Hearing & Hearing Loss

diagram of the anatomy of the ear
How do we hear?

 

Hearing relies on a number of events that change sound waves in the air into electrical signals. Our auditory nerve then carries these signals to the brain through a complex series of steps:

 

  • Sound waves enter the outer ear and travel through the ear canal that leads to the eardrum.

  • The eardrum vibrates from the incoming sound waves and sends these vibrations through three tiny bones in the middle ear. The middle ear is a small air filled cavity beyond the eardrum.

  • The bones in the middle ear amplify, or increase, the sound vibrations and send them to the inner ear that is shaped like a snail and is filled with fluid. An elastic membrane runs from the beginning to the end of the cochlea, splitting it into an upper and lower part. This membrane is called the "basilar" membrane because it serves as the base, or ground floor, on which key hearing structures sit.

  • The sound vibrations trigger the fluid inside the cochlea to ripple, and a traveling wave forms along the basilar membrane. On this membrane are microscopic hair cells that move up and down as the membrane moves.

  • As the hair cells move up and down, their bristly structures bump up against an overlying membrane and tilt to one side. This tilting action causes pore-like channels, which are on the surface of the bristles, to open up. When that happens, certain chemicals rush in, creating an electrical signal.

  • The auditory nerve carries this electrical signal to the brain that translates it into "sound" that we recognize and understand.

  • Hair cells near the base of the cochlea detect higher-pitched sounds, such as a bell or a whistle. Those nearer the apex detect lower-pitched sounds, such as a large dog barking.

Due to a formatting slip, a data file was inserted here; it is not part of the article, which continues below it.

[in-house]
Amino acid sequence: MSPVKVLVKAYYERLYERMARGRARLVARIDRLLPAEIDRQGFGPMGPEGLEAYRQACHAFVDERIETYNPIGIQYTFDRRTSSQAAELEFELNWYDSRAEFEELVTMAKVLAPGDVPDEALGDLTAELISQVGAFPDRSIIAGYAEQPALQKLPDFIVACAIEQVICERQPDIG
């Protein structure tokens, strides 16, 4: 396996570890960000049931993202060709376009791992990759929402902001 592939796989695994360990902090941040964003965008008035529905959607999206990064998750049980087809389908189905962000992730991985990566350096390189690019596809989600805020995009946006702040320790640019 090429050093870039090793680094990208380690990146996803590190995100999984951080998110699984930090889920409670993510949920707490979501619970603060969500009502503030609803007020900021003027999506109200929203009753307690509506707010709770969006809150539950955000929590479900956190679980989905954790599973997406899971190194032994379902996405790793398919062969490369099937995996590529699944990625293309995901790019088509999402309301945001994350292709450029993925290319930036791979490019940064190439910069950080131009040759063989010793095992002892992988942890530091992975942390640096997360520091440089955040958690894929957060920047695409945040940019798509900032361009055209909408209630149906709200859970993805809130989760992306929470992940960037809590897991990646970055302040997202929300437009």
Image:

hand on pinna to improve hearing
Why Does Hearing Loss Happen?

 

Hearing loss happens for many reasons. In most cases, hearing loss results from damage to the inner ear.

 

The most common cause of this damage to the inner ear is aging. This condition is called prescycusis and is the general wear and tear on the hairs or nerve cells in the inner ear that send sound signals to the brain. When these hairs or nerve cells are damaged or missing, electrical signals aren't transmitted as efficiently, and hearing loss occurs.

 

One in three people older than sixty and half of those older than eighty five have hearing loss due to ageing. According to the charity Deafness Research UK, age-related hearing loss normally begins at around fifty.

 

The second most common cause of hearing loss is exposure to industrial noise or too much loud music. The popularity of iPods and other personal music systems may be behind an increasing numbers of young people who are losing their hearing.


What is the early signs of hearing loss?

 

  • Do other people seem to mumble?

  • Is it sometimes difficult to hear other people’s voices in a noisy pub or restaurant where others seem to manage quite well?

  • Do you find other people’s TV or radio volume too low for you to hear clearly?

  • Do other people comment that your TV or radio is too loud for them?

  • Do you sometimes misunderstand what others are saying to you?

  • Do you find yourself ‘filling in the gaps’ when you have misheard what someone has said to you?

  • Do you often have to ask others to repeat what they have said to you?

 

The high frequency sounds are the often first to go when a hearing loss develops. This leads not to a lack of volume as such, but to speech sounding less distinct. So, while you may still hear someone talking, you may think they are mumbling and not be able to make out exactly what is being said. Increasingly finding yourself in such a situation can become difficult, and over time, you may withdraw and begin to feel isolated.

If you suspect you may suffer with hearing loss, it is advisable to have a hearing test with an Audiologist or Hearing Aid Dispenser.

"Blindness separates us from things but deafness separates us from people."

Helen Keller